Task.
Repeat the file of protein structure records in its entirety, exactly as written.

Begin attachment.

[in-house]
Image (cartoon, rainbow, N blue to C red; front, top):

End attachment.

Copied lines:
[in-house]
Image (cartoon, rainbow, N blue to C red; front, top):